As we look forward to the release of our 2018 Global Cleantech 100 (GCT100) on stage at Cleantech Forum San Francisco on January 22nd, we thought this would be a good opportunity to take a look back at how both our 2017 Global Cleantech 100 fared since making the list last January, and of our GCT100 alumni, in general.
The Global Cleantech 100 Program
The Global Cleantech 100 list is our barometer reading of the global innovation community’s shifting views on which companies, and which types of companies, are most likely to have big commercial impact in a 5-10 year time frame. The companies represent the most innovative and promising ideas in cleantech and that are best positioned to solve tomorrow’s clean technology challenges.
For more information on the process we go through each year, take a look at our Methodology page on our dedicated GCT100 site.
The 2017 Global Cleantech 100
There have been some noticeable successes from our 2017 GCT100. Last year’s list has raised 53 separate funding rounds in 2017 for a total of over $3.3 billion. We have outlined a few noticeable developments below:
In the Transportation sector, NIO raised $1.6 billion in the same year it announced its new high performance electric SUV, the ES8. For good measure, the company also set a new lap record at the Nürburgring in May by taking its EP9 around the circuit in 06:45.90. Electric bus developer Proterra took on just shy of $200 million to help build out its production lines, as well as taking on strategic capital from investors such as BMW i Ventures, GM Ventures, and many other leading transportation investors. ChargePoint continued to push the boundaries, scope, and capacity of electric vehicle charging infrastructure by raising a further $82 million to help shape the future of electric transportation.
Impossible Foods and Beyond Meat continued their success by raising a combined $138.4 million ($75 million and $63.4 million, respectively) to further develop plant-based meat products. Tackling the problem of resource-intensive proteins from a different angle is AgriProtein, one of the leading African startups in the cleantech ecosystem, which aims to put insects grown on organic waste into fishmeal, thus replacing the vast quantities of wild-caught fish that is currently used as feed for fish farms. With $10 million raised in 2017, and a strong scale-up partnership with tailor-made industrial plant company Christof Industries, the company should shape up well over the coming years.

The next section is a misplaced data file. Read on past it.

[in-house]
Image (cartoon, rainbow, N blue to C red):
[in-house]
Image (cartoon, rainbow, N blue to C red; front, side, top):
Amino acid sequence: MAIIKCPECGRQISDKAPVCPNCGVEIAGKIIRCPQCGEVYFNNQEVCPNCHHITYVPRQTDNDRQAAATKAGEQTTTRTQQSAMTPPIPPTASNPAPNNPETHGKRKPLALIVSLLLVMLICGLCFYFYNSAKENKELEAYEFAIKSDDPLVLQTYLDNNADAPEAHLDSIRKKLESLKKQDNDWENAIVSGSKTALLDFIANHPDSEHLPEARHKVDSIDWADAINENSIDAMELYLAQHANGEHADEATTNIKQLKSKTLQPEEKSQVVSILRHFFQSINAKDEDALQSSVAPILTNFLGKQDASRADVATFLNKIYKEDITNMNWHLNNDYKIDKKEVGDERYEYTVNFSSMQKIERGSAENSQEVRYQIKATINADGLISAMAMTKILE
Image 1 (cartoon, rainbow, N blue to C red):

Timing is everything
As the GCT100 is decided by pulling together thousands of data-points – objective and subjective, quantitative and qualitative – from all over the world, the year that GCT100 companies were founded offers an intriguing reflection of what it takes, in terms of time and investment, to build a successful cleantech startup. In figure 2, we look at the 2017 GCT100 and the years they were founded.
Figure 2: 2017 GCT100 Companies by Year Founded
As you can see, there is a concentration around companies that are 7 years old (founded in 2010); however, there is a smaller concentration around the 13-year-old mark (2004), and a good number of companies that are 5 years old or less. In this small sample (the 2017 GCT100), the 13-year-old grouping represents companies such as Tendril and Proterra, which are either working on technology that takes large CAPEX, or have pivoted their main business from the original vision. The second, and largest, spike happens around the 7-years-old mark, with companies that may be working in challenging markets (BBOXX, Mobisol), or are working on constantly evolving products (Actility, FirstFuel Software, Cosmo Tech).
A good year
So what actually happened in 2017 for the GCT100? Below are some deal highlights:
2017 GCT100 Venture & Growth Equity Deals
We look forward to announcing our 2018 Global Cleantech 100 in 12 days on the January 22nd. We hope you can join us – registration is still open for the 2018 Cleantech Forum in San Francisco!